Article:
Hole By Hole
It's about golf.
Much ado about poa annua
July 2, 2010
Sometimes it’s a little bit startling to discover that misguided notions about golf course conditions continue to hold sway over a large segment of the golfing population.
This year’s United States Open championship at Pebble Beach Golf Links provided yet another example, especially when the discussion centered on the famous golf course’s greens.
The turf on these eighteen relatively tiny greens is poa annua, a playing surface with which the members of Shawnee Country Club and other Delmarva golf courses are intimately familiar. These local courses use this same grass for their greens, as do many other golf courses throughout the country.
Poa annua has its own peculiar qualities and conditions to recommend it, but a beautiful uniform green color is not among them. That kind of perceived perfection is reserved for other bentgrass and other specialty hybrids, such as those seen each spring at Augusta National during the Masters Tournament. By contrast, poa greens are often a mix of mottled hues of green and brown, depending on turf health, the particular strains in use, and the course conditioning practices of the green superintendents.
Poa can be a challenging surface to play on, and not just because of the distracting colors. The surface can become progressively bumpier as the day goes on, leading to complaints by some golfers. Tiger Woods complained about Pebble’s greens early in the tournament, reportedly calling them "awful".
Other folks did not take kindly to these remarks.
Former USGA official and TV commentator Frank Hannigan wrote that Woods’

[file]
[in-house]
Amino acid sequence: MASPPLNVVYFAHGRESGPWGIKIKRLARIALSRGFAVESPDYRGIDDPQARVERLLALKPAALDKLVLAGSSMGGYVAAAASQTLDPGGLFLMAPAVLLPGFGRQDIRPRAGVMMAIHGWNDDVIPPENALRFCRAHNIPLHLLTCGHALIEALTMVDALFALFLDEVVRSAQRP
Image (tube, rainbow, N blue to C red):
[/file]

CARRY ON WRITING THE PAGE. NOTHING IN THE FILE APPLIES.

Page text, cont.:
criticism was "petulant and without meaning". During the television
broadcast, USGA Executive Director David Fay also responded to Woods, as
reported by the Associated Press: "As far as the greens are concerned, he’s
wrong," Fay said. "That old statement that you’re entitled to your opinion?
He is entitled to his opinion, but he’s off on his facts. These putting
surfaces have never been better."
She noted the greens’ mottled appearance, clearly visible to the television audience, and admitted that the sight could have been alarming to some.
Gross also noted, however, that "The U.S. Open is not about cosmetics; it's about providing a challenging and rigorous test to identify the best player. Producing a cosmetically attractive golf course would have been the easy task: a little more water, a touch of fertilizer, and we would have had green, pretty putting greens and soft conditions, but that was not the goal."
In the same email, the USGA also suggested that the current difficult economic conditions should also provide an additional incentive to re-think what it means to provide a high-quality playing environment: "[I]t is foreseeable that the golf industry in North America will see a paradigm shift toward focusing on golf course playability rather than lush conditions and overindulgent cosmetics."
I think they have a good point.
KINGS CREEK COLLEGE SCHOLARSHIP TOURNAMENT
On Friday, June 25, dozens of members of Kings Creek Country Club and their guests gathered to play in the second annual Lett’s Play Golf tournament, named in honor of Steve Lett, a longtime and successful club president.
As with the first year’s event, the money raised in the tournament was dedicated to fund a college scholarship award. "We raised about $3,000 last year, and this year we brought in over $10,000," said Kevin Weist, head golf professional. "As we keep going, our plans are to raise enough money to meet our goal of awarding four scholarships each year."
Patricia Conlon won this year’s first college scholarship grant, totaling $2,500. The 2010 Cape Henlopen High School graduate was a varsity volleyball player and member of Cape’s 2009 state champion lacrosse team. She is entering her first year of college this fall at High Point University, North Carolina. Conlon and other applicants were first nominated by club members, and then interviewed after completing the application process.
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